7. Howard is the best player in Houston now, not James Harden--and this is not even close, just like it is not close between LeBron James and Dwyane Wade. The Rockets must build their offense around Howard in the paint, with Howard either scoring against one on one coverage or passing to open shooters if he is double-teamed. Howard's presence in the paint will cut down on some of Harden's driving opportunities but should present Harden with more open jumpers. If the Rockets insist on having Harden and Jeremy Lin dribble the ball while Howard watches then Howard will not be happy and the Rockets will not be very successful. Howard should average about 22 ppg, Harden should average about 20 ppg and the role players should fall in line behind them, with the three point shooters all increasing their percentages over their career norms.
  8. If the Rockets utilize Howard correctly and avoid injuries to key players then they should win at least 55 games and be a serious championship contender. I am not sure that they can beat the Thunder or Spurs in a seven game series but if they do not perform clearly better than everyone else in the West then something is very wrong.
  9. Much was said last season about Harden supposedly being a franchise player. If that is true, then the combination of two franchise players in their primes should make Houston a championship contender for years to come. The Rockets stumbled into this good fortune--thanks to the Lakers' injuries and their ridiculous handling of their coaching situation--and it will be very interesting to see if the Rockets can fully take advantage of having Howard land in their laps.

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posted by David Friedman @ 3:24 AM


Tuesday, July 02, 2013

Dr. J, Air Jordan, Kobe, LeBron and William Goldman's Battle to the Death

Remember when Nike issued a T-shirt "explaining" Michael Jordan's hops? These words appeared in black, printed over a silhouette of Jordan skying above an image of Earth: "Air Jordan has overcome the acceleration of gravity by the application of muscle power applied in the vertical plane, thus producing a low altitude Earth orbit." I wore that T-shirt out back in the day, wore it until the fabric fell apart. I never once dunked while wearing it--at least not on a 10 foot rim--but I drained many three pointers. I liked Jordan's answer when an interviewer asked him if he really thought that he could fly. Jordan replied, "Yeah, for a little while. It may be a split second, but it's flying."

After Jordan averaged 37.1 ppg in 1986-87 to become the greatest single season scorer not named Wilt Chamberlain and then started stringing together championships a few years later, it would have been difficult to believe that any basketball player would become a bigger phenomenon on or off the court. Jordan was breaking records, making iconic commercials with Spike Lee and gazing in wonder at skyscraper-sized billboards portraying himself.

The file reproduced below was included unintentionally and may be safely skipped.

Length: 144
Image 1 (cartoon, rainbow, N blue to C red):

It is funny now to see so many Jordan fans get upset when LeBron James is compared favorably to Jordan; I know exactly how those Jordan fans feel, because that is how I felt in the mid-1980s when some people called Jordan the heir apparent--or Air Apparent--to Julius Erving. As a teenage fan of Erving, I resented the young Jordan. Jordan eventually became one of my favorite players but I'll never like Air Jordan more than I like Dr. J, just like the fans who grew up watching Jordan will never like King James more than they like His Airness.

William Goldman nailed it more than 25 years ago in Wait Till Next Year, the classic book that he co-authored with Mike Lupica: "The greatest struggle an athlete undergoes is the battle for our memories. It's gradual. It begins before you're aware it's begun and it ends with a terrible fall from grace. Stripped of medals, sent to Siberia...It really is a battle to the death." In 1976, no one would have thought it could happen to Dr. J but then Air Jordan showed up. In 1996, no one would have thought it could happen to Air Jordan but then Kobe Bryant and LeBron James showed up--and in 2013, no one thinks that it can happen to James but in 2023 someone else will show up. Goldman also correctly predicted that at least one athlete would escape that Siberian exile: Wilt Chamberlain. Chamberlain has not played in the NBA for 40 years and he passed away more than a decade ago but even casual fans still know his most famous numbers: 50 points per game for a season and 100 points in one game.

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posted by David Friedman @ 5:16 AM